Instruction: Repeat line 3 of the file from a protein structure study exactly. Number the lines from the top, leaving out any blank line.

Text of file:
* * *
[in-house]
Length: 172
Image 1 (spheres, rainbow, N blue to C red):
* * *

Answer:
Image 1 (spheres, rainbow, N blue to C red):